On October 2, 2014, the Food and Drug Administration (FDA) released a final guidance document titled “Content of Premarket Submissions for Management of Cybersecurity in Medical Devices”.  The FDA said that the “need for effective cybersecurity to assure medical device functionality and safety has become more important with the increasing use of wireless, Internet- and network- connected devices, and the frequent electronic exchange of medical device-related health information.”  The FDA defines cybersecurity as “the process of preventing unauthorized access, modification, misuse or denial of use, or the unauthorized use of information that is stored, accessed, or transferred from a medical device to an external recipient.”  The cybersecurity of medical devices gained media attention last year when former Vice President Dick Cheney revealed that his doctor had the wireless function of Cheney’s implanted defibrillator replaced due to fears that a terrorist could hack the device and assassinate the Vice President.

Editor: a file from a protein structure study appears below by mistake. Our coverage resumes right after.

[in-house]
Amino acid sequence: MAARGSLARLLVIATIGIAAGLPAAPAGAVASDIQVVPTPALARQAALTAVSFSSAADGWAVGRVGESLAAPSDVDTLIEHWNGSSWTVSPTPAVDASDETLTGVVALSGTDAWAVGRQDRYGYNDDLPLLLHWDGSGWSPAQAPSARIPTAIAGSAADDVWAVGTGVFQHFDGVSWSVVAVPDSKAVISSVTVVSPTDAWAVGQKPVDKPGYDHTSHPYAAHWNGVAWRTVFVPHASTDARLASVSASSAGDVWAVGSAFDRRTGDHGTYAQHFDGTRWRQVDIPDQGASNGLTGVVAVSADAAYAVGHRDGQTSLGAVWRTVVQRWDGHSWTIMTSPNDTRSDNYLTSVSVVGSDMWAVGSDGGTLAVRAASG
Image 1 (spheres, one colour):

The guidance document identifies cybersecurity issues that manufacturers should consider when designing and developing their medical devices and information they should include when preparing their FDA medical device premarket submissions.

Cybersecurity Framework Core Functions 

The FDA recommends that medical device manufacturers consider the following cybersecurity framework core functions to guide their cybersecurity activities:  Identify, Protect, Detect, Respond, and Recover.  This is the same framework proposed by the National Institute of Standards and Technology. 

Identify and Protect 

The FDA notes that the cybersecurity vulnerability of medical devices will vary and, accordingly, so will the extent to which security controls are needed.  For example, medical devices capable of connecting (wirelessly or hard-wired) to another device, to the Internet or other network, or to portable media (e.g., USB or CD) are more vulnerable to cybersecurity threats than devices that cannot be connected.  Manufacturers should also balance cybersecurity safeguards with the usability of the device in its intended environment of use.